Transport Layer

Two main IP-based transport protocols are used — UDP to send datagrams, and TCP to set up secure, connection-oriented services. Whereas UPD is a simple, easily implemented protocol, TCP has several well-concealed (but nevertheless well-known) booby traps and stumbling blocks that make implementation all the more complex.

12.9.1 UDP

As explained in the previous section, ip_local_deliver distributes the transport data contents of IP packets. udp_rcv from net/ipv4/udp.c is used to further process UDP datagram packets. The associated code flow diagram is shown in Figure 12-23.

udp_rcv is just a wrapper function for_udp4_lib_rcv since the code is shared with the implementation of the UDP-lite protocol as defined in RFC 3828.

As usual, the input parameter passed to the function is a socket buffer. Once it has been established that the packet data are intact, it is necessary to find a listening socket using_udp4_lib_lookup. The connection parameters can be derived from the UDP header, whose structure is shown in Figure 12-24.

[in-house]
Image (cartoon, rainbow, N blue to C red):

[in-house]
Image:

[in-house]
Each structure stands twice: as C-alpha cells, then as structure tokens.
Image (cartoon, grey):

24Note that the names of the netfilter hooks will be changed in the same manner as noted for IPv4 in kernel 2.6.25, which was still under development when this book was written. The constants will not be prefixed NF_IP6_ anymore, but instead by NF_INET_. The same set of constants is thus used for IPv4 and IPv6.

Figure 12-23: Code flow diagram for udp_rcv.
0 16 32

Source Port

Destination Port

Length

Checksum

Payload

Figure 12-24: Structure of a UDP packet.

Figure 12-24: Structure of a UDP packet.

In figure 12-24, ''Source'' and ''Destination Port'' specify the port number of the source and destination system and accept values from 0 to 65,535 because each uses 16 bytes.25 ''Length'' is the total length of the packet (header and data) in bytes, and ''Checksum'' holds an optional checksum.

The header of a UDP packet is represented in the kernel by the following data structure:

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